I am a huge tennis fan as many of you know, but was disappointed to turn on my television yesterday to see John Inverdale commentating on the Davis Cup match Italy versus Great Britain. Inverdale ignited a furore last year after the Wimbledon final when he suggested to an audience of millions, that because the new champion Marion Bartoli “was never going to be a looker,” tennis would have been one of her few options as a way forward. She was the one holding the trophy of course and despite some rapid back tracking, he was left with some serious egg on his face and reportedly facing the B.B.C. axe. However, it would appear he is still doing his job despite all the brouhaha. What message does this send out?
The power of leadership language
Unconscious bias, whether related to gender, race, appearance or age, is considered to be one of the most significant “known unknowns” in our cultures today, simply because it is so difficult to measure. One area where is it very self-evident in language usage. Our leaders whether male or female play a pivotal role in the gender balance and diversity policies of our organisations and wider cultures. It’s therefore important that public figures in whatever domain, lead by example. Their behaviour and language choice will be a key component in influencing public thinking and viewpoints to overcome subconscious bias which can exist in all of us.
“Example is not the main thing in influencing others. It is the only thing.” Albert Schweitzer
Ilene Lang CEO of catalyst talks about benevolent sexism saying “these benevolent stereotypes hurt women because they maintain inequality. Whether she’s the “little lady” or the “woman behind the man” or the soothing creature who exists simply to make men nicer, woman’s “natural” goodness becomes a rationale for why she should be protected from activities and occupations that require stereotypically “macho” qualities.”
In the workplace, all sexism and any sort of stereotyping whether, unintentional, overt, hostile or benevolent, acts as a barrier to prevent women and others fully contributing. The perpetuation of outdated views about women’s role and place in our current society is a strong factor.
In talent management where executive search and coaching contribute to the same degree the example of leaders is vital. After all it’s hard for women be” what they can’t see, read and hear.” Having open, bias free recruitment processes is a significant driver to achieving the appointment of the best candidates, whether male or female. It is surely the only way forward and therefore important that all leaders in the search and recruitment field play a role to achieve this.
I am constantly hearing about illegal questioning of women about their family circumstances a direct reflection of unconscious bias. All women want children and are therefore flight and engagement risks, right? I heard only yesterday how Salma an advertising executive was quizzed about how she would cope with a job and her five month baby. She suggested to the interviewer that the line of questioning was as appropriate as her asking him about his sex life. She was offered the job and turned it down. Not everyone is unconcerned about jeopardising their job search options. Another contact, a woman with no children in her early 50s, (in the full throes of the menopause to boot) was also asked about her family situation. The interviewer had no idea of her personal background and any extenuating circumstances. She should have registered a complaint, but she didn’t.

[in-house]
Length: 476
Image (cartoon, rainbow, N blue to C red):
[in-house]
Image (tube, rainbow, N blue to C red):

The recruitment process is the first experience a candidate has of an employer brand and is vital that everyone involved is correctly trained in today’s legal requirements and expectations which involves being politically correct, defined by Merriman Webster as:
conforming to a belief that language and practices which could offend political sensibilities (as in matters of sex or race) should be eliminated
In a recent exchange on Twitter, Greg Savage took me to task for my own ” political correctness” when I queried a post title “Suck it up princess. This as good as it gets”. I asked him quite mildly to be fair “Why not prince?” He responded thus:
Political correctness actually plays an important role. Yes, it can be tiresome to have to focus on changing our speech patterns which will go on to impact our subsequent thought and action patterns. It means we indeed have to think and let go of our old ways. This role and adherence to “political correctness” has finally succeeded in outlawing words like “nigger”, “Paki” and ” faggot” and a host of other pejorative terms that used to be in the daily common vernacular of most cultures. These words are now considered to be socially unacceptable and rarely heard in professional circles, or at least the ones I move in.
Language shapes how we feel and react. It’s a key pillar in the culture of change. The number of new words making the Oxford English dictionary every year is phenomenal. As we embrace the new, so we also easily let go of the old. It might take a while but people are pretty adaptable in this regard I find.
However the process also needs strong leadership. And leaders, especially those representing their organisation externally, whether in the hiring process any other way, or anyone at all in the public eye do have to ” watch their language.” All of this contributes to unconscious bias.
What do you think – does leadership language matter?
April 12th Addendum